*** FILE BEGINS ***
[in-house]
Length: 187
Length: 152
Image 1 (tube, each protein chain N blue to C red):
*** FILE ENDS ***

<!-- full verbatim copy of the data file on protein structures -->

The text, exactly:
[in-house]
Length: 187
Length: 152
Image 1 (tube, each protein chain N blue to C red):